For $1,000 and up, you’ll find some incredibly robust home gyms that would look right at home at your local meathead factory (read: weight room). Machines that feature fewer bells and whistles can be found as low as $300, with premium models pushing upwards of $3,000. In short, there’s a lot of wiggle room when it comes to your budget options.
Take note: Bargain-basement home gyms may use lesser-quality pulley systems; as a result, some exercise movements come off as jerky and unnatural. Premium multi-station home gyms, on the other hand, offer silky-smooth lateral pull-downs, weighted leg extensions, and pretty much everything in between — negating the need for sweat-swapping gym visits ever again, if you so choose.
No matter what multi-station home gym you land on, make sure your ceiling/floor can bear the extra load. (Lifting weights in the wrong room might result in some structural damage, “Turn Down for What”-style.)
The best multi-station home gyms to buy now
One way to ensure you receive a gym-quality workout is to purchase the sort of equipment that resides in your local fitness centre and slap it in a spare room at home. The Life Fitness G7 multi-gym (opens in new tab) is a professional-grade setup for private use, featuring hefty dual weight stacks, fully adjustable twin pulleys and the option of a malleable bench that hits several incline and decline settings.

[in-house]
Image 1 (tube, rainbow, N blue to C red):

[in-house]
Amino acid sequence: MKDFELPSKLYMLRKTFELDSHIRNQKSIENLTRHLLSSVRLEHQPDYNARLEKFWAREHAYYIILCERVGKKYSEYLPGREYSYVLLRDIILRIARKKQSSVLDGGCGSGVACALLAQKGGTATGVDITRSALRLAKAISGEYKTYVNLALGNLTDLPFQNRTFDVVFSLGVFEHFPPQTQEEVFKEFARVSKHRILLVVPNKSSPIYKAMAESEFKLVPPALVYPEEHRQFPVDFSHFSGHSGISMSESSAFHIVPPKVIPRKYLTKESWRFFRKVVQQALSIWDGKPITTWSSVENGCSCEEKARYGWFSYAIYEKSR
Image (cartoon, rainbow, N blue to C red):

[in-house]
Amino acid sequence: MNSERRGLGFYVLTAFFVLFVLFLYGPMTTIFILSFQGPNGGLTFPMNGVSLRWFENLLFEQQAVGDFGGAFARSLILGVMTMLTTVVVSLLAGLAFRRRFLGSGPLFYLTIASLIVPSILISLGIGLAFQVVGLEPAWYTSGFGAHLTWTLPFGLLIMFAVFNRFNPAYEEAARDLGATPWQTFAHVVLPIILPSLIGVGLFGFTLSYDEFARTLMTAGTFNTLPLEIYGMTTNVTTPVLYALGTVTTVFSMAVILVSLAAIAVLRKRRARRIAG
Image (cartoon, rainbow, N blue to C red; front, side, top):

Throw in the chin-up bar and you have an all-encompassing system that has the ability to workout almost every conceivable muscle group in the body. To do so, it measures over two-metres tall, around two-metres wide and the same depth, which is quite a lot of floor space to take up. It's not cheap either.
However, the US-built contraption is designed and constructed to last for many years and that hefty initial outlay does include free installation, a training DVD with two workout routines, an exercise book with over 60 exercises and a bunch of pulley attachments to ensure you hit every muscle that counts. Also, it removes the need to workout near people. Money well spent, then.
The Bowflex PR1000 is a multi-gym that's equally as capable as it's weird (at first anyway). Unlike traditional home gyms that use a weight stack, the PR1000 uses Bowflex's Power Rod system which is essentially an arrangement of bendy metal rods that provide resistance as you try to bend them. The more rods you're trying to bend in the same time, the harder it gets, simple.